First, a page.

On Wednesday, 13 September, a proposal from the European Parliament on the regulation of “substances of human origin” (SoHO) was approved.

The initiative aims to establish a legal framework for action with all those substances derived from human beings that are used in therapeutic or research procedures, such as regenerative therapies, assisted reproduction, and others. These substances include those containing cells or not, living or not, excluding from this consideration organs used in transplantation, as defined in Article 3(h) of Directive 2010/53/EU.

In principle, regulation on the procurement, processing, storage and use of these substances seems to be a necessary measure to establish sufficient guarantees on their use: first, by regulating the procedures related to their selection and procurement; second, by ensuring respect for dignity in the treatment of the donors of these substances; third, by specifying the suitability of the uses of these substances and their fair distribution; and, fourth, by establishing protocols for monitoring their safety and efficacy after use to optimize the processes implemented.

Bioethical dilemmas

The difficulties in this process arise when human embryos themselves or the cells derived from their destruction are tacitly included among these substances.

Confusing an SoHO with an embryo can only be the result of profound scientific ignorance or bad faith, which pursues their unrestricted use.

That the human embryo is an individual of the human species from the moment of conception, that it possesses the information and potential to evolve in a “continuum” until birth if nourished and protected is undisputed scientific evidence today. The outdated pretensions of defining a pre-embryonic state in the first 14 days of their life, seeking to grant them a status different from that of a human being — established in the mid-1980s after the emergence of in vitro fertilization — have been abandoned even by their proponents in the face of the accumulation of evidence about the true nature of the embryo.

Despite this, a de facto exclusion of early embryos from their consideration as human beings has been established, depriving them of dignity and rights, opening the door to their creation, manipulation, editing, destruction or cryopreservation without limits in their first few days of life (generally the first 2 weeks), a term as arbitrary as it is unjust. The extension of free abortion until week 14 of gestation, as occurs in Spain, further extends this period without guarantees for the embryo, until the moment when no one doubts its human nature, perfectly evident in its physiognomy.

This inertia, which is widespread throughout the world and, unfortunately, in many scientists and health professionals, seems to have eliminated all scruples in the manipulation and destruction of immature human embryos, which can now be treated as mere “SoHO” and not real human beings.

There are three fundamental bioethical problems in obtaining and manipulating so-called SoHOs, which we shall now evaluate.

The first is the embryonic origin of human biological material whose procurement implies destruction of the embryo, regardless of its origin. Producing embryos to use them as experimental material, using the “surplus” embryos from in vitro fertilization that remain cryopreserved, designing new embryonic models from pluripotent cells and not from the fertilization process, as well as experimenting with human-animal chimeras to obtain organs and tissues by mixing cells from humans with those of other species, are procedures that involve the destruction of embryos or their manipulation, with the high risk that this poses in their future development.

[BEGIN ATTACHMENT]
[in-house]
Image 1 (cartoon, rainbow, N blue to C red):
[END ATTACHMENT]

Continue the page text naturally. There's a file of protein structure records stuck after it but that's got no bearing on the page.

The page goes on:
The second is the use of biological material from induced abortions, whose promotion may justify an increase in the practice of abortions.

And the third is the need to ensure the possibility of identifying donors of gametes — SoHO — if those born by assisted reproduction techniques with gametes from donors were to demand the identification of the biological parents. The current regulation represents an opportunity to unify the criteria that allow resolution of the conflicts between the right to anonymity of donors, and that of those conceived to know their genetic origin.


The protection of human embryos, whatever their origin, and their non-use as a source of biological material involving their destruction is based, among other reasons, on the Judgment: ‘ECJ – Judgment of 18.10.2011 (Grand Chamber), in case Oliver Brustle v. Greenpeace e.V, C-34/10 – ‘Directive 94/44/EC on the legal protection of biotechnological inventions – Extraction of precursor cells from human embryonic stem cells’, which defines the human embryo as the product of the fertilization of gametes, or even as the product of cloning (transfer of the nucleus of a mature cell to a previously enucleated oocyte), from the first moment of its biological course, with no time limits or pauses.

Demanding respect for the dignity of every human being, the treatment to be accorded them and the limits of what can or cannot be done with their body or the substances derived from them is the duty of every scientist, politician and honorable person. The current regulatory process represents an excellent opportunity to do so with all human beings and all guarantees, but specifically, with the most defenseless, weak and innocent: the early and immature embryo.

Julio Tudela

Bioethics Observatory – Institute of Life Sciences

Catholic University of Valencia


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